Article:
Spanish government mulls pardon for jailed Catalan separatists

Spanish Prime Minister Pedro Sánchez: "There is a time for punishment and [a time] for concord." [EFE/ Emilio Naranjo]

Spain’s government is considering pardoning 12 Catalan separatist politicians sentenced in 2017 for their role in holding an illegal independence referendum in the region, Spanish Prime Minister Pedro Sánchez has confirmed. EURACTIV’s partner EFE reported.

Speaking to Spanish parliament on Wednesday (26 May), Sánchez said the executive would decide whether to pardon the separatist politicians “for the benefit of coexistence among Spaniards” and “regardless of the number of seats” supporting his government in Madrid.

“There is a time for punishment and [a time] for concord,” Sánchez said, urging the main opposition party, centre-right Partido Popular (PP), to back him.

Sánchez’s comments come as Spain’s Supreme Court expressed reticence about pardoning the pro-independence leaders convicted in October 2019 of sedition, misuse of public funds and disobedience. However, the court’s decision is not binding on the government.

The political situation in the northeastern region of Catalonia greatly influences the political stability in the rest of Spain, given that the national minority government of socialist PSOE and left-wing United We Can (Unidas Podemos) relies on the support of separatists of the Republican Left of Catalonia (ERC), now leading the Catalan regional government.

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Concord, not revenge

PP party leader Pablo Casado however has warned the government that his party would challenge any pardons before the Supreme Court. The legislature would then “come to an end,” he added.

“Will you grant pardon for those convicted for sedition, yes or no? […] Do you prefer to put at risk the continuity of [the legal constitutional framework in] Spain to remain in power?” Casado asked of the prime minister.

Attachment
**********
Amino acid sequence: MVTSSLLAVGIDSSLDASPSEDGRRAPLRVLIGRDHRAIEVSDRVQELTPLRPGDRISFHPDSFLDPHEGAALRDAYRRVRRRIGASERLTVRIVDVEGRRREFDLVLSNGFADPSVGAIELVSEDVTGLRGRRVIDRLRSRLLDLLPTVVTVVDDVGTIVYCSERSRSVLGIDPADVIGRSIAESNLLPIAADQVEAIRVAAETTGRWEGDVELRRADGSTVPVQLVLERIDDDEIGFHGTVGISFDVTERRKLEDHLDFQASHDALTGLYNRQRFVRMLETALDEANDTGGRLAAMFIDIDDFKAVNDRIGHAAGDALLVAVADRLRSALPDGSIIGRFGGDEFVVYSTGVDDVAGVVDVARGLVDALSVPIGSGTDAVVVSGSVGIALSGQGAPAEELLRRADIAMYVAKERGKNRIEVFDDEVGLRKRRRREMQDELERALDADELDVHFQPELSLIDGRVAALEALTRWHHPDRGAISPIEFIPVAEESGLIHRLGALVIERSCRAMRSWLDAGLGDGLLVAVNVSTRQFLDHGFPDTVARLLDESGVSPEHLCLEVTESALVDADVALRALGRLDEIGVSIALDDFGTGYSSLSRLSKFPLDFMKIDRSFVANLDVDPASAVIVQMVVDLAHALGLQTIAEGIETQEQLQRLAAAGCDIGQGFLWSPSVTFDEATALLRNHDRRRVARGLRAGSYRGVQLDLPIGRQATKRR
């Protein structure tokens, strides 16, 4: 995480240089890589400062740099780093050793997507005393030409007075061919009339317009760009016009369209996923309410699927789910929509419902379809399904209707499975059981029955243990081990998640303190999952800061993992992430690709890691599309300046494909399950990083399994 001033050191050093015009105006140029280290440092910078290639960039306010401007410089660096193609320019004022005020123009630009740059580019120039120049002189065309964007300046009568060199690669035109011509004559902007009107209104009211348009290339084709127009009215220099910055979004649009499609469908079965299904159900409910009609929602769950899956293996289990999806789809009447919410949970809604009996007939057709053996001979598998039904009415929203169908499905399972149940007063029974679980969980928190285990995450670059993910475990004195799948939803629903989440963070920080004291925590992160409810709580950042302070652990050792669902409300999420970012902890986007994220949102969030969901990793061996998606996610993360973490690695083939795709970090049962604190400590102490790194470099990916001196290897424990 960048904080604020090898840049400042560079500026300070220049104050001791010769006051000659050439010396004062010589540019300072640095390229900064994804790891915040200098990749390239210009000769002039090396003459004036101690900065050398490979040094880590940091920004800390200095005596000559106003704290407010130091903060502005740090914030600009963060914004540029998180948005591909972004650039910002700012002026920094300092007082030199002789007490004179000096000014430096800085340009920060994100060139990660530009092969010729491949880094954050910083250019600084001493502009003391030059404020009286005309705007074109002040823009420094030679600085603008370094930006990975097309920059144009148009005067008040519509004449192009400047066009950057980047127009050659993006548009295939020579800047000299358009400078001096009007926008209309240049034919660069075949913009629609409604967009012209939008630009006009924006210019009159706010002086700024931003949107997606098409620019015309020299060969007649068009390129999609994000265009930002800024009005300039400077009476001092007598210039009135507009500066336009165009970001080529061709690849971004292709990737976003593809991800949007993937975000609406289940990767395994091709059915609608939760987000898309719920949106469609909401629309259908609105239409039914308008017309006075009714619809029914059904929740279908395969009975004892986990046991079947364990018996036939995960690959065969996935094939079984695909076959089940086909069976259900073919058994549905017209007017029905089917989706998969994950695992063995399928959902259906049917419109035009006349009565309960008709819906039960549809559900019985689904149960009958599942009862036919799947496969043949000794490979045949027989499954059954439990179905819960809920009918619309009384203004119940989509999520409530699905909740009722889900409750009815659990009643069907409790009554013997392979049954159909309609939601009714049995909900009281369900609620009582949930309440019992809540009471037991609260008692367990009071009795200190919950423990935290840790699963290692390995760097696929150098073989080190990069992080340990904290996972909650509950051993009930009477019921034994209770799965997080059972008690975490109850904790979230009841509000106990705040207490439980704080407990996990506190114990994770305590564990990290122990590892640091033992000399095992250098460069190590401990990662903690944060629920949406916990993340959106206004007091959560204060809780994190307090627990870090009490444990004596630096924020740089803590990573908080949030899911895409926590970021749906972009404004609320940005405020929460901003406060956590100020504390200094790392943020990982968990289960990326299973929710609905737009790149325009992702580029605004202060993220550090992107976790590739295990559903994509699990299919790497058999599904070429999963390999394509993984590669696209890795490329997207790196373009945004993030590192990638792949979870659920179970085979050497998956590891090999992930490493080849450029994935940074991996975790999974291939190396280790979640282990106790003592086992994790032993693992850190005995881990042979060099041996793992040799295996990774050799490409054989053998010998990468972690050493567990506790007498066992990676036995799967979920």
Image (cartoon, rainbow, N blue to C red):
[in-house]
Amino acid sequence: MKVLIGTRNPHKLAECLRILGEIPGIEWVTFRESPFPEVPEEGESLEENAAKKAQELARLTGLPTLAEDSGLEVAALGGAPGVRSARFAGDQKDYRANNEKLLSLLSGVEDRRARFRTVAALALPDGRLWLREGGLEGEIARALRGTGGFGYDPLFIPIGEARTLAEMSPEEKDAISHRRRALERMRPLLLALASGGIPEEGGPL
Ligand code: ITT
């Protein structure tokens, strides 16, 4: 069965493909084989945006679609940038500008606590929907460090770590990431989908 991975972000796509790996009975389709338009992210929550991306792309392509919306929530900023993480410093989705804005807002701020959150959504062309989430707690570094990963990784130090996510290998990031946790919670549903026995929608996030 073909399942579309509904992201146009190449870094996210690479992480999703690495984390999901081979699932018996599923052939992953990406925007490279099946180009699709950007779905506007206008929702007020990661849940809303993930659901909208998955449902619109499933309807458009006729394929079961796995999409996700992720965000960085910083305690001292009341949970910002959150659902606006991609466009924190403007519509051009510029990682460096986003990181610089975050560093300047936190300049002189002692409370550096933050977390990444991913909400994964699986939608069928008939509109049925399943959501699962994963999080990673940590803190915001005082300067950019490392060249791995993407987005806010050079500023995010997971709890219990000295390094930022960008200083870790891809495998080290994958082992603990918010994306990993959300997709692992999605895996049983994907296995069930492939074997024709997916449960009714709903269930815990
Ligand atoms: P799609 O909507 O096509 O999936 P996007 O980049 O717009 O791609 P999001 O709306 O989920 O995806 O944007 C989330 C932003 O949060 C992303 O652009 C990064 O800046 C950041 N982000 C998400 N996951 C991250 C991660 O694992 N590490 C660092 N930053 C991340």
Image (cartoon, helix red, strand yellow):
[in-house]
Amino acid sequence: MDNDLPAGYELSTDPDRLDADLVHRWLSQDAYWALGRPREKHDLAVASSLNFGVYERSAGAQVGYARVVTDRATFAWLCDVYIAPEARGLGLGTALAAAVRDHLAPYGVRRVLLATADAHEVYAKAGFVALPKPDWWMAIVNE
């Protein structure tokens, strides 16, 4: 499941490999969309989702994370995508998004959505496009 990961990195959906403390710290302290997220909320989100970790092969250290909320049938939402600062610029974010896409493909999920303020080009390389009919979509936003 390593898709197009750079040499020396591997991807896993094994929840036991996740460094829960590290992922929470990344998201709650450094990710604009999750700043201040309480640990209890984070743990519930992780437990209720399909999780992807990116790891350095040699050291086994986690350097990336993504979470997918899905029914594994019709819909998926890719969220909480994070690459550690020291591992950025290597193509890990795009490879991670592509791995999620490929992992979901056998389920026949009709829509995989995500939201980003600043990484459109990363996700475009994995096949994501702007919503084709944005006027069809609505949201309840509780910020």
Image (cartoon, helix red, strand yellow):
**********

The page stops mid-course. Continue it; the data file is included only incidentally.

In response, Sánchez said he was seeking “concord” rather than “revenge”.

After five months of tough negotiations, pro-independence parties in Catalonia announced on 17 May the formation of a new coalition government. The agreement was sealed by the ERC and Together for Catalonia (JxCat), with the support of the pro-independence Popular Unity Candidacy (CUP).

The first day in office for Catalonia’s new regional president, ERC’s Pere Aragonès and his 14 regional ministers, officially started on Wednesday.

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‘Political prisoners’

Aragonès and the three parties forming the regional coalition had previously expressed their will to “move towards the common goal of independence in the form of a Catalan Republic”.

However, the Spanish government expressed concern over the new Catalan government, but stressed its commitment to negotiate with them.

Catalonia’s new leaders considered the initiative launched by Sánchez a step in the right direction but demanded firm decisions to alleviate the “suffering” of the “political prisoners”, as they described them.

The non-negotiable “red lines” set by the Catalan executive include the right to self-determination for Catalonia and amnesty for the 12 Catalan separatist politicians.

[Edited by Daniel Eck and Josie Le Blond]

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